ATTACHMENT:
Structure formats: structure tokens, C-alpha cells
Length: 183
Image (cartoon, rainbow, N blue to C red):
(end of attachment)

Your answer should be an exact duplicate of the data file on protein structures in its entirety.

Structure formats: structure tokens, C-alpha cells
Length: 183
Image (cartoon, rainbow, N blue to C red):